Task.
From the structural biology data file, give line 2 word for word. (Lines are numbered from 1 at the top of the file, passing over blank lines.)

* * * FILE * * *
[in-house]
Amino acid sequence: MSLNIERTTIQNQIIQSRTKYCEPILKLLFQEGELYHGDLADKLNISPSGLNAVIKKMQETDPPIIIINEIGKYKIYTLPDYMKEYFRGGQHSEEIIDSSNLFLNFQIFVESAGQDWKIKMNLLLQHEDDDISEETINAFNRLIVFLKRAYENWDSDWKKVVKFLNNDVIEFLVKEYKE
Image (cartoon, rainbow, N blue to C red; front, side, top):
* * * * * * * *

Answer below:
Amino acid sequence: MSLNIERTTIQNQIIQSRTKYCEPILKLLFQEGELYHGDLADKLNISPSGLNAVIKKMQETDPPIIIINEIGKYKIYTLPDYMKEYFRGGQHSEEIIDSSNLFLNFQIFVESAGQDWKIKMNLLLQHEDDDISEETINAFNRLIVFLKRAYENWDSDWKKVVKFLNNDVIEFLVKEYKE